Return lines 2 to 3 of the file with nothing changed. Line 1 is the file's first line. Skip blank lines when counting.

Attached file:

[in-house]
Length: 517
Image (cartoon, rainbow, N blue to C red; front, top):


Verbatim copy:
Length: 517
Image (cartoon, rainbow, N blue to C red; front, top):